Reptiles are becoming more and more popular as pets. Some of the more common reptiles kept as pets include lizards, geckoes, snakes and turtles. Some people even have pet crocodiles. Reptiles cannot be treated under a blanket list as each species is very different and has different needs and health care. Before purchasing a reptile, it is important to research their requirements and needs so that they can live long, healthy lives. Most of the illnesses treated by vets are preventable and are caused through elements being missing in their diet or environment.
Reptiles don’t show illness and disease in the same way as cats and dogs do. By the time you notice that your reptile appears unwell, the illness is quite advanced. This means that preventative health exams are even more important. These health examinations usually make use of diagnostic tests and physical examinations to check for potential illness or disease. The sooner these are diagnoses, the better the chance for recovery.
New pet assessment
We recommend bringing your new reptile in for assessment so we can assist in checking for illness and abnormalities. Some diseases can spread quickly and if you already have other reptiles you may expose them to the illness or disease from your new pet if they are not checked out before you take them home. If this is your first reptile, we can also assist with advice on care, habitat and potential health issues your new pet may experience. We recommend that you have your reptiles checked out at least twice a year to improve the chances of finding problems before they become potentially fatal. It is important to give us information on the enclosure and diet and if possible, bring in a faecal sample for examination. If you have a turtle, a sample of the tank water (around 500mls) will also help improve diagnosis.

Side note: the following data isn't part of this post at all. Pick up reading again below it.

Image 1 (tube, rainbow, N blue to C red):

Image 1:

Faecal examinations are done to check for the presence of parasites, yeast and bacteria levels.
A swab is done in the mouth to check for parasites, yeasts and bacteria levels.
Blood samples may be taken to check for anaemia, inflammation and infection.
A blood sample may also be done to check calcium levels, blood sugar, electrolyte levels and liver or kidney function.
Signs of Illness
- Lethargy, slow or no movement
- Moving abnormally or not moving one or more limbs
- Behavioural changes such as increased aggression
- Changes in appetite or not eating at all
- Change in consistency or colour of faeces
- Loss of weight
- Hiding away more than usual
- Swellings, inflammation, bleeding, wounds
- Discharge from vent, mouth, eyes or nostrils
It is vitally important that your reptiles get treatment as soon as possible when they show signs of illness as they are likely to be critically ill at that stage. Preventative health checks are important to the long term health of your pet. We are available to assist in the care of your pet as well as to offer advice on their diet and environment to prevent certain diseases such as MBD.